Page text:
I like Alan Levine’s take on type one and type two silo services. Adobe/Storify definitely seems to be doing things the wrong way for shutting down a service. He does a great job of laying out some thought on how to create collection posts, particularly on WordPress, though I suspect the user interface could easily be recreated on other platforms.
I would add some caution to some of his methods as he suggests using WordPress’s embed capabilities by using raw URLs to services like Twitter. While this can be a reasonable short term solution and the output looks nice, if the original tweet or content at that URL is deleted (or Twitter shuts down and 86s it the same way Storify has just done), then you’re out of luck again!
Better than relying on the auto-embed handled by WordPress, actually copy the entire embed from Twitter to capture the text and content from the original.
There’s a big difference in the following two pieces of data:
<blockquote class="twitter-tweet" data-lang="en">
<p dir="ltr" lang="en">I hope <a href="https://twitter.com/Storify?ref_src=twsrc%5Etfw">@storify</a> will follow the example set by <a href="https://twitter.com/dougkaye?ref_src=twsrc%5Etfw">@dougkaye</a> when he shut down ITConversations: <a href="https://t.co/oBTWmR5M3A">https://t.co/oBTWmR5M3A</a>.</p>
My shows there are now preserved (<a href="https://t.co/IuIUMvMXi3">https://t.co/IuIUMvMXi3</a>) in a way that none of my magazine writing was.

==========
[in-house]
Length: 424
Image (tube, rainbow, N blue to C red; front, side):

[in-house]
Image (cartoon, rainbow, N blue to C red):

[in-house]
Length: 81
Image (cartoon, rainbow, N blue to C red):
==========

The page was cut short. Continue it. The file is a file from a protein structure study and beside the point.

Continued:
— Jon Udell (@judell) <a href="https://twitter.com/judell/status/940973536675471360?ref_src=twsrc%5Etfw">December 13, 2017</a>
<script async src="https://platform.twitter.com/widgets.js" charset="utf-8">
While WordPress ostensibly displays them the same, one will work as long as Twitter lives, and the other lives as long as your own site lives and actually maintains the original content.
Now there are certainly bigger issues for saving video content this way from places like YouTube given copyright issues as well as bandwidth and other technical concerns. In these cases, perhaps embedding the URLs only within WordPress is the way to go. But keep in mind what it is you’re actually copying/archiving when you use the method he discusses.
Incidentally, I use both Broken Link Checker and Post Archival in the Internet Archive plugins to save a copy of content as well as to help fix broken links on my site when services or sites go down unexpectedly.
Those who are interested in better saving/archiving their content might appreciate the following links/resources:
Side note: I prefer the closer Yiddish spelling of bupkis. It is however a great term for what you often end up receiving from social silos that provide you with services that you can usually pretty easily maintain yourself.
Syndicated copies to: